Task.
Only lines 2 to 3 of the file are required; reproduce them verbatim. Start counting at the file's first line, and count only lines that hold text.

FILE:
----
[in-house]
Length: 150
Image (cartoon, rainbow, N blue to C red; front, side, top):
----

Length: 150
Image (cartoon, rainbow, N blue to C red; front, side, top):